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The U.S. Secretary of Defense, the honorable Mr. Ashton Carter congratulates a young reconnaissance Marine on a job well done following a combined arms raid aboard Marine Corps Base Camp Pendleton, Calif., Aug. 27, 2015. Carter met with senior military leaders and service members and witnessed ship-to-shore operations, a capability synonymous with Navy and Marine Corps teams in order to assess the need to better support military capabilities.

Photo by Cpl. Seth Starr

Defense Secretary Ash Carter visits Camp Pendleton

29 Aug 2015 | Cpl. Seth Starr I Marine Expeditionary Force

Defense Secretary Ash Carter, visited Marine Corps Base Camp Pendleton, Calif., Aug. 27 to observe amphibious landings and meet with senior military leaders and servicemembers. 

Carter’s visit started with an amphibious raid that targeted a small compound, roughly 500 feet off-shore. Amphibious assault vehicles carrying Marine riflemen departed the USS New Orleans, an amphibious transport dock. The Marines assaulted the beach head as the Secretary observed the scenario from a nearby bluff. 

Marines set the pace as the sound of simulated machinegun and rifle fire filled the air. They quickly eliminated simulated threats and took charge of the area. 

During the raid, Marines and Sailors demonstrated the joint Navy-Marine Corps partnership by conducting ship-to-shore operations, a capability synonymous with Navy and Marine Corps teams.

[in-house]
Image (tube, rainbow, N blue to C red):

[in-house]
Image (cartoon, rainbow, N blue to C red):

Carter noted during the raid that as current situations in the world continue to develop, it is important to keep ahead with an ever changing battlefield.

“Carrying these service members, mission into the strategic future after 15 years of extremely aggressive effort on fronts in both Iraq and Afghanistan, we realize the need to change the full spectrum of how we approach these new conflicts,” said Carter. “This means changing and adapting the way the Navy and Marine Corps team trains so that we can face these new conflicts around the world head on.”

With change on the horizon, training, equipment, vehicles and other tools become more important aspects for innovative change for both the Navy and Marine Corps with the U.S. building focus on Asia and the Pacific. For example, the 1971-era AAVs that Marines currently use to deploy during amphibious operations are becoming increasingly difficult to maintain, operate and sustain. 

Carter explained that development of the new Amphibious Combat Vehicle provides a much more robust and flexible capability solution for the evolution of amphibious operation.
The implementation of these kinds of changes and innovations directly affect the mission of the Navy and Marine Corps enabling both to be a critical maritime power and crisis response team.

Following the raid, Secretary Carter opened up for questions from service members and media outlets about what the future holds for the nation's maritime forces in addition to innovative solutions toward anti-access and area denial measures. 

The day’s events demonstrated the need to sustain and upgrade the AAV fleet while developing the ACV in order to modernize our ship-to-shore capabilities, as well as give senior leadership an opportunity to voice their opinions on how to keep the U.S. Marine Corps and Navy America’s number one fighting force.